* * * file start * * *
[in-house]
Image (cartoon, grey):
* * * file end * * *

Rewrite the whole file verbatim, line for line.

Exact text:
[in-house]
Image (cartoon, grey):